282
+   Note: this parameter is obsolete for ser 2.1 (in 2.1 the transaction
283
+   is deleted the moment it's not referenced anymore).
277 284
 
278 285
    Default value is 200 milliseconds.
279 286
 
... ...
@@ -308,15 +315,16 @@ modparam("tm", "retr_timer2", 2000)
308 315
 
309 316
 1.3.9. noisy_ctimer (integer)
310 317
 
311
-   If set, INVITE transactions that time-out (FR INV timer) will be always
312
-   replied. If it's not set, the transaction has only one branch and no
313
-   response was ever received on this branch, it will be silently dropped
314
-   (no 408 reply will be generated) This behavior is overridden if a
315
-   request is forked, the transaction has a failure route or callback, or
316
-   some functionality explicitly turned it on for a transaction (like acc
317
-   does to avoid unaccounted transactions due to expired timer). Turn this
318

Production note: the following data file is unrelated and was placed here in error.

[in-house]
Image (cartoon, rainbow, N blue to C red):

-   off only if you know the client UACs will timeout and their timeout
319
-   interval for INVITEs is lower or equal than tm's fr_inv_timer.
318
+   If set, INVITE transactions that time-out (FR INV timer) will be
319
+   always replied. If it's not set, the transaction has only one branch
320
+   and no response was ever received on this branch, it will be silently
321
+   dropped (no 408 reply will be generated) This behavior is overridden
322
+   if a request is forked, the transaction has a failure route or
323
+   callback, or some functionality explicitly turned it on for a
324
+   transaction (like acc does to avoid unaccounted transactions due to
325
+   expired timer). Turn this off only if you know the client UACs will
326
+   timeout and their timeout interval for INVITEs is lower or equal than
327
+   tm's fr_inv_timer.
320 328
 
321 329
    Default value is 1 (on).
322 330
 
... ...